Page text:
We passed our 2nd rough-in inspection!! Day 35..

I have been forsaking blogging for getting work done on the kitchen. I have to admit that much of the past week has been grueling and frustrating. But the payoff is worth it. Yesterday we had our second rough-in electrical inspection and this time we passed!!
Passed electrical inspection!

So exactly what have I been up to to get ready for the inspection? Let me show you.

I installed the ceiling boxes, that will hold our lights. This picture was taken yesterday evening, after I got the passing grade. I was anxious to get a light back in the room. Working with just the light from the dining room at night sucked.
Ceiling boxes

Above that blue box, in our attic, this is what it looks like.
Celing box from above
The metal bar that goes between the ceiling joists slides and retracts for different joist spacings. Unfortunately some of my joists are less than the standard 16″ on center. And that is the smallest those particular ceiling boxes go. So I had to cut one to get it to fit.

Adding to my frustration with the ceiling boxes is the fan box. I had already installed a ceiling fan brace in the kitchen for the white fan and was just going to move it. It is like that blue one above except all metal and the bar is much beefier.

Ceiling Fan Brace

Ceiling Fan Brace from Raco


Again the joist spacing was less than the standard 16″. Because of the way the brace is I couldn’t cut it. So I went to the store and got a different type of box. I would use a leftover piece of 2×3 to go between the joists. Sounds simple right? Well it would have been if one of the joists was not tilted on it’s side! Measured at the top the two joists were 3/4″ closer than at the bottom! This is on the extension part of the house. So I had to cut the lumber on an angle, otherwise I couldn’t get it to fit. And this took a few tries to get the length right.
Fan support

After that it was time to build my bulkhead and deal with the wiring that goes in the cubby near the stairs. The bulkhead was necessary to hide and protect the wiring in this area.
Bulkhead

The wire that goes all the way across is for the basement lights. The switch for them is on the opposite side of the wall to the left. The wire that is on the right is for our upstairs bedroom light. There is a switch at the bottom of the stairwell, on the opposite side of the wall to the right. This turned out to be a pain to rewire because of obstructions, bracing, etc. It took me the better part of one day just to deal with that and the other end of the switch on the second floor. And you can’t see it but the wiring for our 3-way controlling the kitchen lights is up there too. The new switch is next to the one for the basement.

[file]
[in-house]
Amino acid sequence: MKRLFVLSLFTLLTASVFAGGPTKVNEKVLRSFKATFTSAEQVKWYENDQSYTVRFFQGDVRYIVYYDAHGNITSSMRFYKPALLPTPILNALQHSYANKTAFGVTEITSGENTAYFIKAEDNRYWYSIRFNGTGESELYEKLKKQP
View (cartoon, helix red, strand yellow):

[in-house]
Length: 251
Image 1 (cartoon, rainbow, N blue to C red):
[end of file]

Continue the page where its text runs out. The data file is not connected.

The bulkhead was also providing a second function. In this cubby we will be placing an 88″ high pantry cabinet or high cabinet as they are called by Ikea. They advertise that the cabinet is 88″ tall but that is without feet! You need feet or you need to build a structure under the cabinet otherwise the door will be on the floor and it won’t open. In my mind they should be advertising the cabinets as 92″ or 93″. Don’t get caught by this if planning your kitchen!

Our ceilings are 8′-1″ high, or 97″. So 97 minus 88 gives 9 inches of room. That is how much room I thought I would have above this cabinet. To small to do anything with but too big to just leave. The Ikea cabinet legs are 4.375″ stock but they adjust all the way down to 3.5″. I figured we would adjust them down to 4″ even. That brings the height of the bulkhead down to 5″. Just big enough to serve it’s function.

I got the raceway for the fridge all in place.
Raceway for Fridge

And I finished the in wall wiring for the LED lights. Because the voltage and watts of these lights are so low they don’t use regular Romex wiring. The inspector required that the wiring be Class 2 and the LED vendor said I should use 18 gauge. So here is that combo. you can find this at Lowes marked as 18/2 Thermostat Wire. I’m sure Home Depot has something similar.
18/2 Class 2 Wire

One of these small wires goes down into the basement where the voltage transformer will be located.
Ready for LED voltage transformer
120V-AC rides in on the thick white wire and 12V-DC will ride out on the small one. The voltage transformer will be connected to the 120V supply in that rectangular metal box.

That pretty much closes out the electrical stuff for now, so we can move on to plumbing.

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